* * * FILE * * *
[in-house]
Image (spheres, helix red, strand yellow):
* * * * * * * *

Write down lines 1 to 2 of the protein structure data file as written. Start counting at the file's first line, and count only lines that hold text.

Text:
[in-house]
Image (spheres, helix red, strand yellow):